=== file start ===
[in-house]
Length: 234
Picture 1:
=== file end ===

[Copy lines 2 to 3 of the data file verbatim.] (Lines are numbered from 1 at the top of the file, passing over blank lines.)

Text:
Length: 234
Picture 1: